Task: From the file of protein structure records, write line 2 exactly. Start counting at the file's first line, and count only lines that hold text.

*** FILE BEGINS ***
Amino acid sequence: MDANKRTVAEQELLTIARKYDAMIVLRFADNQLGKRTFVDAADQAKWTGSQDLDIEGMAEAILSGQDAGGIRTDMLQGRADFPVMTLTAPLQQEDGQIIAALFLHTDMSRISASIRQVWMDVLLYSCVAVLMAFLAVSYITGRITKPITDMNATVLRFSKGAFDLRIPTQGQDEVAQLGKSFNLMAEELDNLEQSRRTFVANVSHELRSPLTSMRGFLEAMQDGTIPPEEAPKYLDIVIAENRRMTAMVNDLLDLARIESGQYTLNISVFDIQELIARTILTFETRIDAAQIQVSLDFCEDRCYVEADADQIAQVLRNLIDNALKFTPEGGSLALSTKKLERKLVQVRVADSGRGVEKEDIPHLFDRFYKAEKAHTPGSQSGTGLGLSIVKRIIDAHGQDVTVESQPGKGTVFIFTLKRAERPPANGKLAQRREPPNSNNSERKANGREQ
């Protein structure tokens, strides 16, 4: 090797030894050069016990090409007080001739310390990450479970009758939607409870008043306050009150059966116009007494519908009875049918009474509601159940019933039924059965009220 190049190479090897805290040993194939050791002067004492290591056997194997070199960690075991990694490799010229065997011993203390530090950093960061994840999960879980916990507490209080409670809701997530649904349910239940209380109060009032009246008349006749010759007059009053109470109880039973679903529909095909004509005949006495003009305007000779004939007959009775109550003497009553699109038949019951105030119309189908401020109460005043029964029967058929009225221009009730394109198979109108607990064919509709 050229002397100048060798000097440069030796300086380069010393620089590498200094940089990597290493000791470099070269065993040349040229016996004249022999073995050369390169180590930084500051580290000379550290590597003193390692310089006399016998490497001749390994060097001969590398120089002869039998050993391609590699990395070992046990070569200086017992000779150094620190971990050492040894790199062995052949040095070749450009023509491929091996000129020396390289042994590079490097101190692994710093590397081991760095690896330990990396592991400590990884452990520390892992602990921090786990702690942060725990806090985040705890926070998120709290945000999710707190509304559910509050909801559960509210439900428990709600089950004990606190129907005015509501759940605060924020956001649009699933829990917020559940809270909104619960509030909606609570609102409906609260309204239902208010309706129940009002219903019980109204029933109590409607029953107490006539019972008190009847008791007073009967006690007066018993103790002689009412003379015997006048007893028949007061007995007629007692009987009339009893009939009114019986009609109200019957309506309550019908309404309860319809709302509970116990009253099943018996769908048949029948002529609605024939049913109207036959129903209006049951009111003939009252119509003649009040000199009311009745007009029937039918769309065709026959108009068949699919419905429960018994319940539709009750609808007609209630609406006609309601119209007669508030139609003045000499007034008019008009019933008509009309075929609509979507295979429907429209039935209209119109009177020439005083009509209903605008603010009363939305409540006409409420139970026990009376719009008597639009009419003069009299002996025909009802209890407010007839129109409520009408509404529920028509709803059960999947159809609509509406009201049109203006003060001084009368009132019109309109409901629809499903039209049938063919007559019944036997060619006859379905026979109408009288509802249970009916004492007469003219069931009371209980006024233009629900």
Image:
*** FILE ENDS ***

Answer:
């Protein structure tokens, strides 16, 4: 090797030894050069016990090409007080001739310390990450479970009758939607409870008043306050009150059966116009007494519908009875049918009474509601159940019933039924059965009220 190049190479090897805290040993194939050791002067004492290591056997194997070199960690075991990694490799010229065997011993203390530090950093960061994840999960879980916990507490209080409670809701997530649904349910239940209380109060009032009246008349006749010759007059009053109470109880039973679903529909095909004509005949006495003009305007000779004939007959009775109550003497009553699109038949019951105030119309189908401020109460005043029964029967058929009225221009009730394109198979109108607990064919509709 050229002397100048060798000097440069030796300086380069010393620089590498200094940089990597290493000791470099070269065993040349040229016996004249022999073995050369390169180590930084500051580290000379550290590597003193390692310089006399016998490497001749390994060097001969590398120089002869039998050993391609590699990395070992046990070569200086017992000779150094620190971990050492040894790199062995052949040095070749450009023509491929091996000129020396390289042994590079490097101190692994710093590397081991760095690896330990990396592991400590990884452990520390892992602990921090786990702690942060725990806090985040705890926070998120709290945000999710707190509304559910509050909801559960509210439900428990709600089950004990606190129907005015509501759940605060924020956001649009699933829990917020559940809270909104619960509030909606609570609102409906609260309204239902208010309706129940009002219903019980109204029933109590409607029953107490006539019972008190009847008791007073009967006690007066018993103790002689009412003379015997006048007893028949007061007995007629007692009987009339009893009939009114019986009609109200019957309506309550019908309404309860319809709302509970116990009253099943018996769908048949029948002529609605024939049913109207036959129903209006049951009111003939009252119509003649009040000199009311009745007009029937039918769309065709026959108009068949699919419905429960018994319940539709009750609808007609209630609406006609309601119209007669508030139609003045000499007034008019008009019933008509009309075929609509979507295979429907429209039935209209119109009177020439005083009509209903605008603010009363939305409540006409409420139970026990009376719009008597639009009419003069009299002996025909009802209890407010007839129109409520009408509404529920028509709803059960999947159809609509509406009201049109203006003060001084009368009132019109309109409901629809499903039209049938063919007559019944036997060619006859379905026979109408009288509802249970009916004492007469003219069931009371209980006024233009629900």